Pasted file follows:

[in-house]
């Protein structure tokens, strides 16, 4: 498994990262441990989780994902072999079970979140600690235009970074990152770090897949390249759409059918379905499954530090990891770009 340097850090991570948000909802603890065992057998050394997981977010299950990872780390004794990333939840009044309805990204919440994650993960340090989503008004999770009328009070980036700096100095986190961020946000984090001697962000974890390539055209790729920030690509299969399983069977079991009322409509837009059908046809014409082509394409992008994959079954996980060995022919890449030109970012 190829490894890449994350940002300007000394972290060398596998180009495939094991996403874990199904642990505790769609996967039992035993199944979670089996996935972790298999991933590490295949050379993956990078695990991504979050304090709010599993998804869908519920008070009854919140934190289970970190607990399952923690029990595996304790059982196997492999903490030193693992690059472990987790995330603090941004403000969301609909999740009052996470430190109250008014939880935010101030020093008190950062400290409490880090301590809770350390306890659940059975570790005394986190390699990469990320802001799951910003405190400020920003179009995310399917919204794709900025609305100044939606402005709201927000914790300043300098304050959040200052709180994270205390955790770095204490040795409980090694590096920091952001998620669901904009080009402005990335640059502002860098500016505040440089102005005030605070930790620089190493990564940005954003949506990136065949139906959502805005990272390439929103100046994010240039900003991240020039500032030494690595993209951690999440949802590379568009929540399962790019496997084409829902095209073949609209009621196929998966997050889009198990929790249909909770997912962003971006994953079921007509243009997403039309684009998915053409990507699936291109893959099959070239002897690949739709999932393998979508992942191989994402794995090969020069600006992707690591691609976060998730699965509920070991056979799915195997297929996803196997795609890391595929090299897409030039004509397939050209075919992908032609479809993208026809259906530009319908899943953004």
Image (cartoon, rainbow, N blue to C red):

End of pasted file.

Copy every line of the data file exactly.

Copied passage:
[in-house]
């Protein structure tokens, strides 16, 4: 498994990262441990989780994902072999079970979140600690235009970074990152770090897949390249759409059918379905499954530090990891770009 340097850090991570948000909802603890065992057998050394997981977010299950990872780390004794990333939840009044309805990204919440994650993960340090989503008004999770009328009070980036700096100095986190961020946000984090001697962000974890390539055209790729920030690509299969399983069977079991009322409509837009059908046809014409082509394409992008994959079954996980060995022919890449030109970012 190829490894890449994350940002300007000394972290060398596998180009495939094991996403874990199904642990505790769609996967039992035993199944979670089996996935972790298999991933590490295949050379993956990078695990991504979050304090709010599993998804869908519920008070009854919140934190289970970190607990399952923690029990595996304790059982196997492999903490030193693992690059472990987790995330603090941004403000969301609909999740009052996470430190109250008014939880935010101030020093008190950062400290409490880090301590809770350390306890659940059975570790005394986190390699990469990320802001799951910003405190400020920003179009995310399917919204794709900025609305100044939606402005709201927000914790300043300098304050959040200052709180994270205390955790770095204490040795409980090694590096920091952001998620669901904009080009402005990335640059502002860098500016505040440089102005005030605070930790620089190493990564940005954003949506990136065949139906959502805005990272390439929103100046994010240039900003991240020039500032030494690595993209951690999440949802590379568009929540399962790019496997084409829902095209073949609209009621196929998966997050889009198990929790249909909770997912962003971006994953079921007509243009997403039309684009998915053409990507699936291109893959099959070239002897690949739709999932393998979508992942191989994402794995090969020069600006992707690591691609976060998730699965509920070991056979799915195997297929996803196997795609890391595929090299897409030039004509397939050209075919992908032609479809993208026809259906530009319908899943953004």
Image (cartoon, rainbow, N blue to C red):